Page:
The Mayor of Torrance, California recently had to face a real-life Bruce Springsteen lyric: “These jobs are going, boys, and they ain’t coming back.”
This week, Toyota announced it was moving some of its operations to Texas, resulting in a loss of 1,600 positions at its Torrance, California location. The reasons why are pretty clear: no state income taxes in Texas, an incentive of $40 million, fewer state regulations, no labor issues. The Toyota executives can talk all they want about being closer to the rest of their US operations, but it boils down to dollars. And who can blame them? Toyota isn’t a charity.
But less apparent is the impact on the spurned Torrance community. Already there are bleats that the expected job loss represents merely tenths of one percent of Los Angeles County jobs. That overlooks one detail — you don’t replace several thousand good-paying jobs in this economic climate. Especially in California, which has seen such industries as defense and entertainment shipping jobs out of state at a rapid pace.
There are other impacts that will be noticed further down the food chain.
The Los Angeles Times reports the city of Torrance has an annual budget of $271 million, plus $121 million of long-term debt, somewhat high for a town of 147,000. Toyota taking a vast amount of economic stimulus out of the city has to affect the tax base, which means cutbacks in other areas.
No state income tax money from 1,600 taxpayers. In a similar instance, the city of Erlanger in Ohio, which was also spurned by a Toyota consolidation, claimed it stands to lose $1.3 million in annual gross receipts and payroll taxes, while its school district will lose $700,000 a year in payroll and net profits tax revenues. Losing Toyota will mean an annual loss of $1.2 million in tax revenue, according to the Torrance Mayor.
Whether it’s coffee in the morning, lunch in the afternoon, gas at the local station, or use of the nearby dry cleaners, Torrance area businesses will be missing the money from a sizable number of customers. One restauranteur in Torrance claimed he would see a 15% to 20% reduction. Economists say the loss of a major business has a multiplier effect of 1.5 to two times on regional economic impact. This could be even worse if some of Toyota’s suppliers from the area are also forced to relocate. And certainly there can be shifts in consumer consumption as a result of the changes, which results in further decline.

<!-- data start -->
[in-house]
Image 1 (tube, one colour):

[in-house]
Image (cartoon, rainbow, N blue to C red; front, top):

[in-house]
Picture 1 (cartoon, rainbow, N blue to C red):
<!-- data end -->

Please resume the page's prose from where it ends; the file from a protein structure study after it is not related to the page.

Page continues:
Leverage to sell your home is lost when the buyers know you are relocating. And it also impacts non-Toyota employees hoping to sell their homes, as the market is glutted. This also has a commercial real estate impact, as population, business location patterns, and land use affect values. Investor confidence in the area may also be stalled by the exodus. While there is a boom in high-tech on the west side of Los Angeles and in the Torrance area, it’s unlikely that whatever replaces Toyota will generate as many jobs. And of the jobs replaced, how many will be paid well enough to invest in permanent housing?
Schools & Charities
School budgets are determined by attendance. Will the Toyota move slice into the number of children? Toyota also donated $500 million toward a local sports complex, and is a major contributor to community charities and events, bringing added cachet with its Fortune 500 status. That will be gone in three years, when the move is completed.
These are just some of the issues facing Torrance officials as they wake up from this cold sweat nightmare. It will not be easy to lure another substantial business to Torrance, given the high tax rates in California and the lack of interest in business incentives exhibited by state government. In other words, the Torrance government faces another Springsteen lyric from “My Hometown”: “Seems like there ain’t nobody wants to come down here no more.”